Eversource Energy has withdrawn from consideration its petition for a 20-year contract with Algonquin Gas Transmission LLC (AGT) for natural gas capacity through the proposed Access Northeast pipeline upgrade project, and plans to submit an updated proposal, according to documents filed with the New Hampshire Public Utilities Commission (PUC).

The announcement Monday follows a Supreme Court of New Hampshire order last month that reversed a 2016 PUC decision, which blocked Eversource’s plan to use electricity rates to pay for constructing Access Northeast. The project would add 900,000 Dth/d and additional liquefied natural gas (LNG) storage to the AGT system.

“We hold that the PUC erred in dismissing Eversource’s petition as a matter of law,” according to the high court, which reversed the PUC’s dismissal and remanded the case to the agency.

In October 2016, the PUC refused to approve a 20-year transportation and storage capacity contract between the Spectra Energy pipeline and Eversource Energy, with costs to be borne by ratepayers. Eversource, the pipeline and other supporters of the capacity agreement had argued that the statute enabling electric utility restructuring in the Granite State is intended to lower energy prices.

Eversource and supporters said electric distribution companies’ (EDC) purchase of natural gas transportation and storage capacity to be used by power generators would further that cause.

Opponents of the Eversource proposal argued that the restructuring statute’s most important objective was to get the EDCs out of the power generation business completely, and that the proposed capacity contract and the release of capacity to wholesale power generators were preempted by the Federal Power Act and the Natural Gas Act.

In light of the court’s decision, Eversource said Monday it “has temporarily withdrawn the original Access Northeast gas capacity agreement and intends to refile a revised application that best serves the interest of customers.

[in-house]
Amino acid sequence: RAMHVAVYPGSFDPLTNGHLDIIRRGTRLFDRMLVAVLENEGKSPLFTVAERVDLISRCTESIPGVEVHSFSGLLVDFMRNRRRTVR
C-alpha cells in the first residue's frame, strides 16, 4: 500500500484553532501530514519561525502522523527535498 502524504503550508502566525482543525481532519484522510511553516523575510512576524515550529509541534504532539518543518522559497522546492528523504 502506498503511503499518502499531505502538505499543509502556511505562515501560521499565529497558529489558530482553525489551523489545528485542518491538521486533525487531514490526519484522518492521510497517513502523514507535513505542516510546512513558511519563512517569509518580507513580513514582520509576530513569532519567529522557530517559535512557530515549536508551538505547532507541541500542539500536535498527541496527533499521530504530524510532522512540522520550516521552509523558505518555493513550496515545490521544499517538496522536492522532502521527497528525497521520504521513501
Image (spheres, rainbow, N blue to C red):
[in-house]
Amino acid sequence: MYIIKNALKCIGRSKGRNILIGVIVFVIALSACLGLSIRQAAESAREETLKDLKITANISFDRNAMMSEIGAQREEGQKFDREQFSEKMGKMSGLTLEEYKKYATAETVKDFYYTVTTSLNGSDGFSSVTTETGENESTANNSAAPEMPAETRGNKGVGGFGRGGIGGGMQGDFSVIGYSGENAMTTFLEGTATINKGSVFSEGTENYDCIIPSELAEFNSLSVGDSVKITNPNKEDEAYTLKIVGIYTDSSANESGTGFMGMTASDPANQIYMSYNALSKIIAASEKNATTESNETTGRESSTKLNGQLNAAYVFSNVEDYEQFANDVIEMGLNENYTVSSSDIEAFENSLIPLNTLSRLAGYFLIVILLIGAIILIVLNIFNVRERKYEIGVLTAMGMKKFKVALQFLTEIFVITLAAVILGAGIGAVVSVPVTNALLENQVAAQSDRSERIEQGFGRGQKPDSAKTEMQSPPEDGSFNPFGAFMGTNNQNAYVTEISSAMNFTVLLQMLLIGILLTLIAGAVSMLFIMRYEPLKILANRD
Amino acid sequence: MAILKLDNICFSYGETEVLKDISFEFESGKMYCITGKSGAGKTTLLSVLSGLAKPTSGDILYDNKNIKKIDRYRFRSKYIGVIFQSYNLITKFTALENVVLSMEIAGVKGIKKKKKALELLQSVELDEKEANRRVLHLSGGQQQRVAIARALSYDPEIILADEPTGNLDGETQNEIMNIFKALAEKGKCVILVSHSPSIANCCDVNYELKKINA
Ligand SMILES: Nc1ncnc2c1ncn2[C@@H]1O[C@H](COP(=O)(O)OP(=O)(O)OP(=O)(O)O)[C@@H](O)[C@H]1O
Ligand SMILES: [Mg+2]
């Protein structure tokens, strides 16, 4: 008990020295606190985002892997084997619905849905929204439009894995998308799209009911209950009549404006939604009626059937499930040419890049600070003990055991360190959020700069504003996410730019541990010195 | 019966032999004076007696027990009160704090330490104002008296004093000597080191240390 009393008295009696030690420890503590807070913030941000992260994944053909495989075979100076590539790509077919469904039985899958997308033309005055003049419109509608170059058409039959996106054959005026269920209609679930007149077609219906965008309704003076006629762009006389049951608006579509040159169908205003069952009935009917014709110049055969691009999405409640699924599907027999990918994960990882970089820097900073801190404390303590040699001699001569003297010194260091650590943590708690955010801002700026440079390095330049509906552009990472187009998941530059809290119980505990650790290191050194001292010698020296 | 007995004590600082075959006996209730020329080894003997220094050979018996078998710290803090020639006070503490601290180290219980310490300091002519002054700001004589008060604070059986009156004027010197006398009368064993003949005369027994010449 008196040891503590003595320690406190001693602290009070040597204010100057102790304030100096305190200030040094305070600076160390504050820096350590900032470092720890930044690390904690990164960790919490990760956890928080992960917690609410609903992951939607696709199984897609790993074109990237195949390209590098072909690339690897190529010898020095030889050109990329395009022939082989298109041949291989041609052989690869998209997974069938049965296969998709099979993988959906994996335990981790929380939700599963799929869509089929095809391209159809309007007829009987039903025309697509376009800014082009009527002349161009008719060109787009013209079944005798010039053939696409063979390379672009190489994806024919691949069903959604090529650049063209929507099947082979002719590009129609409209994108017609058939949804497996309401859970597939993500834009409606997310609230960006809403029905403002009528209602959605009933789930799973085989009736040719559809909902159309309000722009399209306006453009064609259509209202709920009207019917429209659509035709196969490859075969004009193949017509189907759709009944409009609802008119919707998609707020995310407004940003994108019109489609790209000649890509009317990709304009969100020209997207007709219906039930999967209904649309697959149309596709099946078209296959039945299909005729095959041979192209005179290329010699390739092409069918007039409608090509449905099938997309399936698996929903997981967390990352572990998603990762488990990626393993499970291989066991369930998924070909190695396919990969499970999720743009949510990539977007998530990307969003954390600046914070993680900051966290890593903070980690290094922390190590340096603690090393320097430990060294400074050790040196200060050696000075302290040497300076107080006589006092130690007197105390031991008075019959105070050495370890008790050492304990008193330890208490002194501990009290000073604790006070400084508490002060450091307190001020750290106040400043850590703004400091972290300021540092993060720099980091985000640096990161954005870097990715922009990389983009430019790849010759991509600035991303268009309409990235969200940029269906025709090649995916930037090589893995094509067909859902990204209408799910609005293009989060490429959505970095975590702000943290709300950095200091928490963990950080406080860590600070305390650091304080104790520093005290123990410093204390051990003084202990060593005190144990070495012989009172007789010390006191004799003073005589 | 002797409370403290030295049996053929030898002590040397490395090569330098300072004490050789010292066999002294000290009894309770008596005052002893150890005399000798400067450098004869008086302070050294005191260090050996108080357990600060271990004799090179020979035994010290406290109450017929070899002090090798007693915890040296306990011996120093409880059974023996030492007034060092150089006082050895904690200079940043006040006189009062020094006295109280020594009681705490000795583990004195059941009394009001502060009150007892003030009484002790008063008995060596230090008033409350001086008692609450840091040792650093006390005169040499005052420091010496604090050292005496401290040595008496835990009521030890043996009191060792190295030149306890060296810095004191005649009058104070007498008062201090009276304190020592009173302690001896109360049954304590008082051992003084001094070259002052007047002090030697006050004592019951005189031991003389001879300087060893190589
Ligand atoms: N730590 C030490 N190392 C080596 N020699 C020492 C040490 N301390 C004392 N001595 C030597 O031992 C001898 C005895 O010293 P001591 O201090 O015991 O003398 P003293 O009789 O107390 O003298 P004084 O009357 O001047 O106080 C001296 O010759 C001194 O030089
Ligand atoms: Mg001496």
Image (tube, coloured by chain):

“The need for additional gas capacity in New England is more acute today than it was at the time Eversource filed the original application, with the region incurring $1.7 billion of additional costs due to the lack of sufficient access to low-cost natural gas this winter. To help ensure Eversource customers are not exposed to these unnecessary costs, the parties to the contract will modify the two-year-old proposal.”

Concurrently, Eversource also asked the PUC to vacate its 2017 dismissal of a power purchase agreement with Hydro Quebec that would have brought the area 100 MW from the Northern Pass hydroelectric transmission project.

The court “has clearly determined that reducing energy costs to customers was the legislature’s primary intent in restructuring the state’s electric utility system,” according to Eversource President Bill Quinlan. “The PUC’s decisions were out of step with that intent.

“Both of our proposals were focused on providing savings to customers, by reducing high and volatile electric prices caused by natural gas constraints and by guaranteeing that New Hampshire received its fair share of direct benefits from the Northern Pass project. We look forward to pursuing options for accomplishing that goal.”

In light of the state Supreme Court decision, Eversource said it would revisit the PUC’s denial of a 2016 power purchase agreement with Hydro Quebec that would have brought the area 100 MW from the Northern Pass hydroelectric transmission project.

AGT is an affiliate of Spectra Energy, which merged with Enbridge Inc. in 2017. Access Northeast is sponsored, along with Spectra, by New England’s two largest utilities: Eversource and National Grid USA.